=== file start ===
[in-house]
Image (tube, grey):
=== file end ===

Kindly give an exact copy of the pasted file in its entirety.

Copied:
[in-house]
Image (tube, grey):